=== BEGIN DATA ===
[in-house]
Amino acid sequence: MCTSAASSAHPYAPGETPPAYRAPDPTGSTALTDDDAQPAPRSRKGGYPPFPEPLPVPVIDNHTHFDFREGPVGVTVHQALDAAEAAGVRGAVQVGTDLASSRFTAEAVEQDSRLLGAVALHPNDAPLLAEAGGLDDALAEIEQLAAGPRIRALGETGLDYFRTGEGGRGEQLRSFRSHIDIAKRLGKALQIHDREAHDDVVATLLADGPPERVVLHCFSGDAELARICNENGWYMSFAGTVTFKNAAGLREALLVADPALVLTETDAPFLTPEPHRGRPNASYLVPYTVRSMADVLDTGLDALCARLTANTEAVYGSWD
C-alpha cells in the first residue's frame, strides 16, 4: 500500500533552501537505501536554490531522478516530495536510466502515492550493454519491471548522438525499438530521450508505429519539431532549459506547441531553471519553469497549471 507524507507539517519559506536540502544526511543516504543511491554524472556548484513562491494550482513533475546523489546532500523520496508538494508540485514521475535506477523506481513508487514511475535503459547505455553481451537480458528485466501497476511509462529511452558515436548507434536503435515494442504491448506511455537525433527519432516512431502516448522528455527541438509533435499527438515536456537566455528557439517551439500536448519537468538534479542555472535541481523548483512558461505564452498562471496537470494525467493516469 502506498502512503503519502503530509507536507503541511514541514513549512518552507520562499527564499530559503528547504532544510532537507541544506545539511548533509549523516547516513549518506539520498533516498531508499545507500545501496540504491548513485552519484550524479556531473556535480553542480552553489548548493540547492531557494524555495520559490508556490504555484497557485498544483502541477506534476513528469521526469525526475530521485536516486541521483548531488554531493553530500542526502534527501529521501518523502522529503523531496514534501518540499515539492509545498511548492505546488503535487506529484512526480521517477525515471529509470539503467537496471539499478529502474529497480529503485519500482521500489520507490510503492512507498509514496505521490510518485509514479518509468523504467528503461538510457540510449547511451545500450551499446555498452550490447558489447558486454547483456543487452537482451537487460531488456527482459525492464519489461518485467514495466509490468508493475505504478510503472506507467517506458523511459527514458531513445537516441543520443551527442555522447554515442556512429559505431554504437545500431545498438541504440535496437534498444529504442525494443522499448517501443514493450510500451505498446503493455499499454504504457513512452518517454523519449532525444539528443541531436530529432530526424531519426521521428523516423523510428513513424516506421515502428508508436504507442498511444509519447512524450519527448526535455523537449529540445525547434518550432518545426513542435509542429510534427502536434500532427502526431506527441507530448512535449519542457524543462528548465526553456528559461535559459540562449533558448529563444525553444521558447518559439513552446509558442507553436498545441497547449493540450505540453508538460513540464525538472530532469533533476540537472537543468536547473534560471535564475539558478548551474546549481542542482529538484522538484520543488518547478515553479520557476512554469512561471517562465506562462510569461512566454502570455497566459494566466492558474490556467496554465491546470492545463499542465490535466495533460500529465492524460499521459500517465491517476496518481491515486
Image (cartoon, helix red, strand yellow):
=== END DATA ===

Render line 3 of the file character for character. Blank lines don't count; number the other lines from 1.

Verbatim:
C-alpha cells in the first residue's frame, strides 16, 4: 500500500533552501537505501536554490531522478516530495536510466502515492550493454519491471548522438525499438530521450508505429519539431532549459506547441531553471519553469497549471 507524507507539517519559506536540502544526511543516504543511491554524472556548484513562491494550482513533475546523489546532500523520496508538494508540485514521475535506477523506481513508487514511475535503459547505455553481451537480458528485466501497476511509462529511452558515436548507434536503435515494442504491448506511455537525433527519432516512431502516448522528455527541438509533435499527438515536456537566455528557439517551439500536448519537468538534479542555472535541481523548483512558461505564452498562471496537470494525467493516469 502506498502512503503519502503530509507536507503541511514541514513549512518552507520562499527564499530559503528547504532544510532537507541544506545539511548533509549523516547516513549518506539520498533516498531508499545507500545501496540504491548513485552519484550524479556531473556535480553542480552553489548548493540547492531557494524555495520559490508556490504555484497557485498544483502541477506534476513528469521526469525526475530521485536516486541521483548531488554531493553530500542526502534527501529521501518523502522529503523531496514534501518540499515539492509545498511548492505546488503535487506529484512526480521517477525515471529509470539503467537496471539499478529502474529497480529503485519500482521500489520507490510503492512507498509514496505521490510518485509514479518509468523504467528503461538510457540510449547511451545500450551499446555498452550490447558489447558486454547483456543487452537482451537487460531488456527482459525492464519489461518485467514495466509490468508493475505504478510503472506507467517506458523511459527514458531513445537516441543520443551527442555522447554515442556512429559505431554504437545500431545498438541504440535496437534498444529504442525494443522499448517501443514493450510500451505498446503493455499499454504504457513512452518517454523519449532525444539528443541531436530529432530526424531519426521521428523516423523510428513513424516506421515502428508508436504507442498511444509519447512524450519527448526535455523537449529540445525547434518550432518545426513542435509542429510534427502536434500532427502526431506527441507530448512535449519542457524543462528548465526553456528559461535559459540562449533558448529563444525553444521558447518559439513552446509558442507553436498545441497547449493540450505540453508538460513540464525538472530532469533533476540537472537543468536547473534560471535564475539558478548551474546549481542542482529538484522538484520543488518547478515553479520557476512554469512561471517562465506562462510569461512566454502570455497566459494566466492558474490556467496554465491546470492545463499542465490535466495533460500529465492524460499521459500517465491517476496518481491515486